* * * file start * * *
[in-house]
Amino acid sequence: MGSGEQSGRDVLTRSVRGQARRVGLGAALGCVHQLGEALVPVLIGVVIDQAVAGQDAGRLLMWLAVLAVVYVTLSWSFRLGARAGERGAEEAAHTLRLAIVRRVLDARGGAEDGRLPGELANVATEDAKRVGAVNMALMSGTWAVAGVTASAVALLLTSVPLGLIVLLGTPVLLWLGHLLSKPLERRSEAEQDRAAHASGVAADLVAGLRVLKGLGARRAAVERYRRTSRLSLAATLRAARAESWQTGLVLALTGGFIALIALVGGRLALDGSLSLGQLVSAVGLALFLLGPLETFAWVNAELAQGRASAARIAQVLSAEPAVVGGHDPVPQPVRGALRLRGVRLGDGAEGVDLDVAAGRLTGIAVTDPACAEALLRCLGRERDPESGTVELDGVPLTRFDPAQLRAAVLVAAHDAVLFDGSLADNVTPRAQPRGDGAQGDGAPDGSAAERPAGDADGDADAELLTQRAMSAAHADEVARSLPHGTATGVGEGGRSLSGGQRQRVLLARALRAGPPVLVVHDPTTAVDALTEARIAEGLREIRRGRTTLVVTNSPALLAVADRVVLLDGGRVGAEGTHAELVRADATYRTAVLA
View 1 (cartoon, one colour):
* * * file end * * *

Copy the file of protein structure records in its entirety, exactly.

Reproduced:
[in-house]
Amino acid sequence: MGSGEQSGRDVLTRSVRGQARRVGLGAALGCVHQLGEALVPVLIGVVIDQAVAGQDAGRLLMWLAVLAVVYVTLSWSFRLGARAGERGAEEAAHTLRLAIVRRVLDARGGAEDGRLPGELANVATEDAKRVGAVNMALMSGTWAVAGVTASAVALLLTSVPLGLIVLLGTPVLLWLGHLLSKPLERRSEAEQDRAAHASGVAADLVAGLRVLKGLGARRAAVERYRRTSRLSLAATLRAARAESWQTGLVLALTGGFIALIALVGGRLALDGSLSLGQLVSAVGLALFLLGPLETFAWVNAELAQGRASAARIAQVLSAEPAVVGGHDPVPQPVRGALRLRGVRLGDGAEGVDLDVAAGRLTGIAVTDPACAEALLRCLGRERDPESGTVELDGVPLTRFDPAQLRAAVLVAAHDAVLFDGSLADNVTPRAQPRGDGAQGDGAPDGSAAERPAGDADGDADAELLTQRAMSAAHADEVARSLPHGTATGVGEGGRSLSGGQRQRVLLARALRAGPPVLVVHDPTTAVDALTEARIAEGLREIRRGRTTLVVTNSPALLAVADRVVLLDGGRVGAEGTHAELVRADATYRTAVLA
View 1 (cartoon, one colour):